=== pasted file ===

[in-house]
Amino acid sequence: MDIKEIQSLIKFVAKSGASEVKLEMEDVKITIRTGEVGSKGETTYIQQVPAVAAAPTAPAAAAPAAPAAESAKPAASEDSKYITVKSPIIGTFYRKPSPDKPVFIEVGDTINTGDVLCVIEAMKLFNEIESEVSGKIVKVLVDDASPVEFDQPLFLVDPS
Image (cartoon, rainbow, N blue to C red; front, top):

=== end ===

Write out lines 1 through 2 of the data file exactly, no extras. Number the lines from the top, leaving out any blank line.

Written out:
[in-house]
Amino acid sequence: MDIKEIQSLIKFVAKSGASEVKLEMEDVKITIRTGEVGSKGETTYIQQVPAVAAAPTAPAAAAPAAPAAESAKPAASEDSKYITVKSPIIGTFYRKPSPDKPVFIEVGDTINTGDVLCVIEAMKLFNEIESEVSGKIVKVLVDDASPVEFDQPLFLVDPS